Blockchain technology startup Chain has raised $30 million in a round backed by financial heavyweights Visa, Nasdaq, Citi Ventures, Capital One Financial, Fiserv, as well as French telecom giant Orange.
The participation of Nasdaq is not much of a surprise. The world’s second largest stock exchange previously announced its partnering with Chain as it explores how blockchain technology can streamline the transfer of pre-IPO shares on its Private Market.
Also noteworthy is the participation of Visa, which itself revealed its interest in blockchain technology last month.
Around the time of its previous round of $9.5 million one year ago, Chain was more engaged with the Bitcoin blockchain’s underlying infrastructure, offering services to interact with the blockchain in real-time using its nodes and API. It was also exploring the concept of 0-confirmation transactions, which in theory, would make Bitcoin transactions near-instantaneous without the risk of double spending.
Chain now emphasizes smart contracts and increasing the efficiency of capital markets, touting its platform to “enable institutions to design, deploy, and operate blockchain networks that can power any type of asset in any market.”
The Blockchain Bandwagon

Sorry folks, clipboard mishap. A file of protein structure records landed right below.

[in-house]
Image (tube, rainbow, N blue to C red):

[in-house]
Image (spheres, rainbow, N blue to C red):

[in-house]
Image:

Financial institutions are researching how Bitcoin’s blockchain or custom built blockchain systems can streamline the settlement of stocks, currencies and other instruments. By replacing legacy systems and processes, the technology can potentially yield billions of dollars in annual savings, increase transparency and reduce counterparty risk.
With their investment, one may assume that Capital One and Fiserv will now be testing the blockchain as well, if they haven’t done so already. The other financial heavyweight in the round, Citi Ventures, is already well-versed in the technology, as Citi has reportedly been testing it for years.
The round brings Chain’s total investment thus far to $43.7 million, making it one of the top-funded startups in the industry. It also has one of the highest concentrations of Wall Street backing, in contrast with its industry counterparts that have traditionally been backed more by Silicon Valley venture capital firms.
The funding is also a welcome reversal to what had appeared as waning investor interest in crypto ventures throughout the summer. August saw only two deals, totaling $9 million. The apparent trend of decreasing investment in bitcoin-as-a-currency has not been broken, however, as the Chain deal clearly falls into the blockchain tech category.